Sony to pay up to $8m to settle hack lawsuit filed by its current and former employees
Sony to pay up to $2.5m or $10,000 per person to their employees to reimburse them for identity theft lossesReuters

Sony Pictures Entertainment has agreed to pay up to $8m (£5.2m, €7m) to settle a lawsuit filed by former and current employees, who claimed to have lost personal data, in the 2014 cyberattack on its computers. The money would be used to reimburse employees for loss of data, apart from preventive measures and legal expenses.

Michael Lynton, CEO at Sony Entertainment, in a memo issued on 20 October said, "[the lawsuit agreement is] an important, positive step forward in putting the cyber-attack firmly behind us."

The settlement was disclosed in papers in a Los Angeles federal court, according to which, Sony has agreed to pay up to $2.5m or $10,000 per person to some employees to reimburse them for identity theft and up to $2m or $1,000 per person for protective measures they took post the cyberattack.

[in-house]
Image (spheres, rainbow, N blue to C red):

The media and entertainment company will spend up to $3.49m towards legal fees and related costs. The settlement, however, is pending the approval of US District Judge, Gary Klausner.

Earlier in June, Klausner had rejected a bid by Sony to dismiss the lawsuit and informed employees that they could pursue their claims as the company was found to be negligent and violated a California confidentiality law.

The hacking is tied to the release of the comedy film "The Interview", which depicted the fictional assassination of North Korean leader Kim Jong-un. The hacking, led Sony to stop the release of the movie, but eventually offered it via digital downloads.

American officials blamed North Korean hackers for the attack, which saw huge amounts of data being wiped out from the company's computers along with personal and sensitive employee information being distributed online.

Post the attack, employees blamed Sony for negligence and said, it was an "epic nightmare" as the data breach caused them economic harm by forcing them to step up credit monitoring to address the greater risk of identity theft.